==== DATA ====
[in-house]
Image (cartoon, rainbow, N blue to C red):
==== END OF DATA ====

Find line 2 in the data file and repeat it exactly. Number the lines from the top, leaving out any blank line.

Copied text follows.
Image (cartoon, rainbow, N blue to C red):